Stormclouds on mankinds horizon

Wednesday, 01 December 2004


    Graduates entering the corporate world face unprecedented social, economic and environmental change by the time they reach senior management level. Professor Nicholas Klomp, head of the School of Environmental and Information Sciences at Charles Sturt University tells Fiona Stewart about the future implications for business managers of the human population explosion.

    "Homo sapiens have been around for some 300,000 years, but it took the world's population until around 150 years ago to reach its first billion," says Klomp. "Now we are 6.2 billion, and will be nine billion by 2060. The effects of the past 150 years of human population growth have been astonishing.

    "By adding 50 per cent more people in the next 50 years, life will be challenging, to say the least.

    "Changes in population have massive implications for the managers of tomorrow. I suspect the most successful will be those that can best adapt and have the flexibility to take advantage of sudden changes," predicts Klomp.

    There is little debate among scientists that exploding populations and their increasing levels of consumption, especially in developed countries, threaten the natural underpinnings of human life.

    "It is not just that there are too many people, but that we are extracting resources and degrading the environment at a rate that is simply not sustainable," says Klomp. "We have got away with this so far by allowing the environmental debts to build up so that it will be a problem for future generations. But the future has arrived."

    Klomp argues that in the past few decades the effects of approaching limits in water, energy and space have already been felt in some regions and the lessons for future managers are beginning to emerge.

    "It took only a naturally occurring drought in some parts of Australia over the past two years to expose how close to the edge we live," he says. "This small environmental perturbation has resulted in significant changes to government policy and legislation. Imagine the changes to be wrought as the environment declines significantly."

    According to Klomp, increased global warming will result in coastal area flooding and more biodiversity loss, but he sees the biggest problem to be greater weather fluctuations. The prediction is not just warmer weather, but more extremes in heat and cold, many more floods, droughts and storms.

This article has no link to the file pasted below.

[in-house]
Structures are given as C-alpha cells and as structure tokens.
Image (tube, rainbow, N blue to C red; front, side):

Continued clearance of land will lead to further loss of biodiversity but, for humans, the greatest impact will be on the environmental services provided by these ecosystems.

    Acid and saline soils are already claiming huge tracts of previously arable land. Loss of topsoil reduces agricultural yields while erosion and silting diminishes aquatic productivity. Resulting destruction of catchments and contamination of groundwater are already causing clean water shortages around the world.

    "Increasing numbers of people located in greater density can only mean higher rates of disease and more famine." Klomp says.

    In addition to climate change, environmental catastrophes are likely to become more prevalent.

    "Future managers can expect that, as environmental degradation becomes obvious to the public and voters in particular, there will be more legislation enacted to protect natural resources," Klomp warns. "This will see exploitative and polluting industries and companies forever chasing new standards.

    "The public will be angered by each new catastrophe and will look to lay blame. Increasingly it will be governments and corporations that will be held accountable, fairly or unfairly.

    "I also suspect there will be 'retrospective blaming'. Human society has a long history of this behaviour,

    dragging out leaders and policy-makers after the event." Klomp says.

    "Globally, there will be much more political turmoil. There will be increasing urgency to claim dwindling resources, and they will be taken by the powerful, either through trade or other means.

    "All of this means that management leadership will be more challenging than ever before. It sounds rather depressing and, in many ways it is, but it also makes for an amazing few decades ahead.

    "The best modelling available to date suggests that the human population will level off at around 12 billion people in 2100 but this depends on education levels and access to contraception in developing countries.

    "Birth rates are fairly easy to predict, it is future mortality that is so unpredictable."


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